A theory of how small particles are formed and act based on the quantum principle (by which energy is emitted in certain packets, or quanta) and the uncertainty principle.
Quantum mechanics Quotes in A Brief History of Time
The A Brief History of Time quotes below are all either spoken by Quantum mechanics or refer to Quantum mechanics. For each quote, you can also see the other terms and themes related to it (each theme is indicated by its own dot and icon, like this one: Note: all page numbers and citation info for the quotes below refer to the Bantam edition of A Brief History of Time published in 1988.).
Chapter 8 Quotes
We don’t yet have a complete and consistent theory that combines quantum mechanics and gravity. However, we are fairly certain of some features that such a unified theory should have.
Quantum mechanics Term Timeline in A Brief History of Time
The timeline below shows where the term Quantum mechanics appears in A Brief History of Time. The colored dots and icons indicate which themes are associated with that appearance.
Scientists now describe the universe in terms of the general theory of relativity and quantum mechanics —both great achievements of the first half of the 20th century. The first relates to... (full context)
...the ultimate theory becomes hard to justify. Then again, people argued this about relativity and quantum mechanics , which eventually gave us nuclear power and microelectronics. Thus, the search for a theory... (full context)
...curved, like the surface of the earth. When combining the general theory of relativity with quantum mechanics (as discussed later), space and time can be finite without a boundary. But this doesn't... (full context)
...down at the beginning of the universe. When the universe was squeezed into infinite density, quantum mechanics comes into play. As such, their focus turned from the massive to the miniscule. (full context)
Heisenberg, Erwin Schrodinger, and Paul Dirac in the 1920s created quantum mechanics based on the uncertainty principle. This theory does not predict definite outcomes, but potential outcomes.... (full context)
...electrons could only orbit at specific distances, which would balance it all out. According to quantum mechanics , the electrons would move as waves, and therefore would only form orbits where the... (full context)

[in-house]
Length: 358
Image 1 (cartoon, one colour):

Einstein’s general theory of relativity is considered a classical theory because it does not include quantum mechanics . This does not lead to inconsistency, though, as gravitational forces are so weak compared... (full context)
...the first to propose a theory consistent with both the general theory of relativity and quantum mechanics . He showed mathematically how spin ½ works and predicted that electrons should have partners,... (full context)
...people up the wrong way, and was the first significant example of general relativity and quantum theory combining. John G. Taylor opposed Hawking when he announced these discoveries. But in the end,... (full context)
...emissions. But is seems when a black hole becomes really small, it will simply disappear. Quantum theory seemed to undermine the idea of singularities, and Hawking’s work turned in that direction in... (full context)
...collapses back in on itself, or in localized singularities in black holes. But when applying quantum mechanics , it is clear that black holes re-emit mass and energy into the universe, eventually... (full context)
...would also account for why there is so much matter in the universe. According to quantum theory , particles can be created by energy, which raises the question of where the energy... (full context)
...about nuclear science at the time, but also because of his own refusal to accept quantum theory despite his own input into its creation. The uncertainty principle, on which quantum theory is... (full context)
Today, Laplace’s approach is defunct because of the uncertainty principle of quantum mechanics , which introduces a minimum level of randomness. Quantum theory gives particles less well-defined positions... (full context)